In fact, “[t]he FEHA makes it a separate unlawful employment practice for an employer to ‘fail to take all reasonable steps to prevent discrimination and harassment from occurring.'” State Department of Health Services v. Superior Court, (2003) 31 Cal.4th 1026, 1040. (citing Government Code § 12940(k)). Thus, all documents pertaining to the investigation of complaints of harassment and discrimination should be relevant to show whether the employer took reasonable steps to prevent discrimination and harassment, which necessarily will include a reasonable policy of investigation and taking corrective action in response to such complaints.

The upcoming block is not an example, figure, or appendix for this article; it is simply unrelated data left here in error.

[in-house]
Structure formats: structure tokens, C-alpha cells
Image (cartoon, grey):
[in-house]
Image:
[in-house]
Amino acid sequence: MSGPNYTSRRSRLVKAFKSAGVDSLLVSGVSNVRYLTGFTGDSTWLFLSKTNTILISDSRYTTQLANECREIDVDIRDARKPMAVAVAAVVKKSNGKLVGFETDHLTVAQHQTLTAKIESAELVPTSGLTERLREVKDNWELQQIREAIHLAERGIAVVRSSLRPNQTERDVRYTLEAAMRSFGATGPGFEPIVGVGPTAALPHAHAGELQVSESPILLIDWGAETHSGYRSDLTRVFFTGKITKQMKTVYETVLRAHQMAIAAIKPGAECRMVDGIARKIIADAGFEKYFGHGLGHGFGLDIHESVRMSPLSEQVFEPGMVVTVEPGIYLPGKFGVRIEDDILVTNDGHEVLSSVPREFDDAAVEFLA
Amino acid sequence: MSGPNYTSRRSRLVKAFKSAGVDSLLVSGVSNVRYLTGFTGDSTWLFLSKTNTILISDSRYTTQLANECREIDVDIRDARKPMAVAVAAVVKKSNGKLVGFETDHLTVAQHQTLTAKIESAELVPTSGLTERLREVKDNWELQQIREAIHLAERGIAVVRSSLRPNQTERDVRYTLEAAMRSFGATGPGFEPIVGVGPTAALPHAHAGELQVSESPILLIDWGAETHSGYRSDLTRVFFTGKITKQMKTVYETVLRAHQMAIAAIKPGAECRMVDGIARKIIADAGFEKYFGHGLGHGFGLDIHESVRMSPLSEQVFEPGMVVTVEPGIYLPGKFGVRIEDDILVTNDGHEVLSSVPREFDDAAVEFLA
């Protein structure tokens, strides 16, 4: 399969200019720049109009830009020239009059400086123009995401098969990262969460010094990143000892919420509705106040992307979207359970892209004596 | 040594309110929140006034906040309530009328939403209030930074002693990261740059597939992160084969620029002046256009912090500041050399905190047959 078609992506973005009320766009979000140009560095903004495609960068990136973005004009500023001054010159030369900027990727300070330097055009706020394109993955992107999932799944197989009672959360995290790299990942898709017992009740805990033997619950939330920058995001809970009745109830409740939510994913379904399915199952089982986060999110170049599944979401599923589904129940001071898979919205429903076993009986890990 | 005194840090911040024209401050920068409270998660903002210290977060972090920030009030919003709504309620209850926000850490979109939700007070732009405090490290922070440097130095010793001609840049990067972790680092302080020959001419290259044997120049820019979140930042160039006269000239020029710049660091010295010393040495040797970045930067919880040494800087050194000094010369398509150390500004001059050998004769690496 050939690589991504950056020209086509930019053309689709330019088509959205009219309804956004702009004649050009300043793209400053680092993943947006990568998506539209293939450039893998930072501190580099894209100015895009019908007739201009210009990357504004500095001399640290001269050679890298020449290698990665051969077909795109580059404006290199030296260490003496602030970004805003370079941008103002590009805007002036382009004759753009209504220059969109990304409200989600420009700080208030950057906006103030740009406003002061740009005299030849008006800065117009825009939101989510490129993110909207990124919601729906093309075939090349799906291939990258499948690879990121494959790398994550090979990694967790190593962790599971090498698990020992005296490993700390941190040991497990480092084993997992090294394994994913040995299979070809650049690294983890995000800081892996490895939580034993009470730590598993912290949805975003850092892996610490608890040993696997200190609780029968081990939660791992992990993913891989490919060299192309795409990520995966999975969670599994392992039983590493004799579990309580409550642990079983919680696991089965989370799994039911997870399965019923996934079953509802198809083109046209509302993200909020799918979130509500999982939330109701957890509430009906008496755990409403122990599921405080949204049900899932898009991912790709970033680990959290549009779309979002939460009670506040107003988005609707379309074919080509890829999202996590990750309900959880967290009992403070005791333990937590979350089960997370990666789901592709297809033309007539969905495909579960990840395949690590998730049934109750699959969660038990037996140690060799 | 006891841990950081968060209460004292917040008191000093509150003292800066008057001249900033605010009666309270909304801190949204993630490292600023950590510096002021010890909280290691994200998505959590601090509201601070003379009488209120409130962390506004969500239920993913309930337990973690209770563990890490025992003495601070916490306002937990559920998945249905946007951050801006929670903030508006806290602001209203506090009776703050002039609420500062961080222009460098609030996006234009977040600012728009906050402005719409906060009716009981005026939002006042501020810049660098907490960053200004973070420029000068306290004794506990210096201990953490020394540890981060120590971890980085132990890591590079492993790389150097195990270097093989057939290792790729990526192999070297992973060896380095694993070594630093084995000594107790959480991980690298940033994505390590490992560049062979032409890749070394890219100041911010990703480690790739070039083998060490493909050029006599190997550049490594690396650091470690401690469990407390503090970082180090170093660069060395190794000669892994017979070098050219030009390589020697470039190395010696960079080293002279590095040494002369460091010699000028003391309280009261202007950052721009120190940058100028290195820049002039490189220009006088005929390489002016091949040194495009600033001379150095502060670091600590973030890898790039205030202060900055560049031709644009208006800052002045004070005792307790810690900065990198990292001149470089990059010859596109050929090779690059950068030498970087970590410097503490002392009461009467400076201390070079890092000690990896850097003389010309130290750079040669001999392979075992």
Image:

Similarly, while an employer is strictly liable for hostile environment sexual harassment by a supervisor, the employer can proffer the “avoidable consequences” defense to decrease damages if the employee failed to report the harassment. However, “it reduces those damages only if, taking into account of the
employer’s anti-harassment policies and procedures and its past record of acting on harassment complaints, the employee acted unreasonably in not sooner reporting the harassment to the employer.” State Department of Health Services, supra, 31 Cal.4th at 1049.